Saturday, August 3, 2013

HIT THE FLOOR TOGETHER


QL2 Dance and Quantum Leap

Canberra Playhouse

31st July – 3rd August.

Reviewed by Bill Stephens
 
 
 

During his remarks at the reception following the premiere performance of “Hit The Floor Together”, QL2 patron Sir William Deane offered the opinion that “this was the best Quantum Leap production yet”. In that assessment he would get little argument from me, because although Quantum Leap have offered many remarkable performances previously, with “Hit The Floor Together”  they have raised the bar significantly in terms of execution, presentation and technical support.

Conceived as a special Canberra Centenary Year event,   “Hit The Floor Together” is centred on the theme of inclusiveness between indigenous and non-indigenous young people. The usual Quantum Leap dance ensemble of young dancers from the ACT and surrounding regions has been augmented with dancers from NAISDA Dance College, Kurruru Youth Performing Arts in Adelaide, as well as from Queensland, regional NSW and even Thailand.

The task of exploring these themes in dance terms with 45 young dancers was entrusted to three professional choreographers, Daniel Riley McKinley, Dean Cross and Deon Hastie, of whom both Riley McKinley and Cross had started their dance careers with QL2.

Each of the choreographers created a separate piece for the production, which was   presented without an interval and preceded by a short beautifully- filmed prologue to set up the theme, and a concluding finale, both created by Ruth Osborne and Adelina Larsson.

 The first segment “Where We Gather”, choreographed by Riley McKinley, was the most cohesive and impressive, clearly displaying the growing confidence of his choreographic skills and why this young choreographer is attracting such attention in the dance world.  His choreography, though deeply rooted in what we recognise as the indigenous dance style, with its bent knees and sloped shoulders for the men, graceful flowing movements and downcast eyes for the women, featured impressive floor work, sensitive partnering and imaginative transitions between movements.  His choreography made no concessions for the varying abilities of his dancers, who rose to the challenge magnificently.  Strong manly movements for the men contrasting with gentle complex choreography for the women wearing flattering earth-coloured skirts, resulted in many memorable moments in a superbly realised work which would be a source of pride for many professional dance companies.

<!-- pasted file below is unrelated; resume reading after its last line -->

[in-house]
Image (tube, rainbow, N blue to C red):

Although it also contained imaginative moments, Dean Cross’s “Bloom” took a more conventional and episodic approach to the theme of inclusiveness. Drawing on the natural exuberance of his dancers, Cross created an energetic and  entertaining work which commenced with the dancers in an inclusive circle, from which they formed kaleidoscopic shapes which broke into more frenetic movement. Highlights included a lovely passage where the dancers used their hands to suggest the ebb and flow of sea anemones, and a charming spoken sequence where two dancers simultaneously, but in different languages, described their coping mechanisms.

For his work, “Storm”, Deon Hastie chose the dramatic possibilities of contrasting the aftermath of the energy released by a violent storm to that of an angry mob to create a fast-paced abstract work which contained plenty of opportunity for the dancers to display their physicality, especially in the well-staged fight sequence.

Central to the success of each of the works was the extraordinary quality of each of the technical production elements, always a hallmark of QL2 presentations.  The subtle, flattering costumes of Christiane Nowak; the remarkable series of  atmospheric soundscapes created by Adam Ventura utilising an extraordinary variety of sounds  which were physically felt as much  as heard.  The imaginative stripped-back set design by Suse Ilschner which provided an excellent space for dancing, and when enhanced by Toby Knyvett's dramatic lighting, the ever-changing abstract visuals by Bearcage Productions, and the physical presence of dancers when they were not actually dancing, created a mysterious and ever- changing environment for each section of the performance.

Apart from being hugely entertaining, "Hit The Floor Together" is a wonderful example of excellence in youth dance, a glowing endorsement of the efforts of QL2 Dance and Quantum Leap in establishing the National Capital as a leader in this field, and a significant contribution to the success of Canberra’s Centenary Year Celebrations. 

1 comment:

  1. My name is Kris Kerehona, a documentary filmmaker - I followed the Hit the Floor project from the beginning for the 'Documenting the Commissions' - on behalf of the Canberra Centenary (Canberra 100). I have to say it was the most incredible perfomance and to capture these kids' hard work over the six months was such a privelage.

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